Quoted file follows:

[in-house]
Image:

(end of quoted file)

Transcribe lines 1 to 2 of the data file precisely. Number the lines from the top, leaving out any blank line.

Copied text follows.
[in-house]
Image: